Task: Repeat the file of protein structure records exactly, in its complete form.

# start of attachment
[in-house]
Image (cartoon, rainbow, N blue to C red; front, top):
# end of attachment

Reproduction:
[in-house]
Image (cartoon, rainbow, N blue to C red; front, top):